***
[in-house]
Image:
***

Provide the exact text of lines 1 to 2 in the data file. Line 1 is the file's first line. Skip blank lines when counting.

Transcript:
[in-house]
Image: